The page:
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At one time anyone with radical ideas was considered crazy, non conformist, ostracized, vilified, persecuted and even killed.  The accomplishment of radical thinking throughout history has produced remarkable results , bringing positive and productive changes.  Some “radical ideas” such as the Millennium Seed Bank Project, Engineering Solutions for Ocean Cleanups, Milan’s Vertical Forest Skyscrapers, Community Supported Agriculture and Rooftop Farming are such examples.

However radical ideas have not always been received with instant acceptance, often hard fought battles precluded that approval.

One outstanding example is the Suffragette movement.  Originally founded and led by Millicent Fawcette in Britain often including a militant approach others did not subscribe to, the battle cry went out.  A decade-long struggle intended to address fundamental issues of equity and justice began.  Support for the movement included Mary Ann Shadd from the Black Abolutionist movement, as well as socialists and temperance activists.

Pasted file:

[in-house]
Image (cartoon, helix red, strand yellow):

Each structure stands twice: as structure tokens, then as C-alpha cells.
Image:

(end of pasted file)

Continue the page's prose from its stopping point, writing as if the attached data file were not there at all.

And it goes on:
The campaign was taken up by women in many countries.  It wasn’t until 1900 in Canada that “propertied woman” had gained a footing and the right to vote or stand for office and even then on a limited scale.  Only able to vote in municipal council or library and school board elections, it was a start. The first provincial victory occurred in Manitoba in 1916 and later followed by Quebec in 1940 as the last province to concede the vote.

Denmark granted women’s suffrage in 1915 and near the end of the war, Canada, Russia, Germany and Poland recognized women’s right to vote and American women won the vote in 1920.

The radical idea that women were equals, could vote, and had a mind of their own, no longer considered chattel astounded, frustrated and angered many.

It’s difficult in today’s society to imagine a world without the significant contributions of so many women, too numerous to relate here.  Golda Meir, labour activist and fourth prime minister of Israel and second prime minister in the world to Elizabeth Blackwell, the first woman to graduate from medical school. What of Gertrude Stein’s contribution in writing, or Rachel Carson a pioneering environmentalist?

From important to noteworthy to significant, women’s contribution worldwide whether scientific in nature, introducing provocative styles in writing, to flying across the ocean, this radical thinking brought about a fundamental change, outlook and acceptance.

Pretty radical, hey?







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